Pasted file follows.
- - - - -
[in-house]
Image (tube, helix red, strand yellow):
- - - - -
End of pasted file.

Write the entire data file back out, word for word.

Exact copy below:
[in-house]
Image (tube, helix red, strand yellow):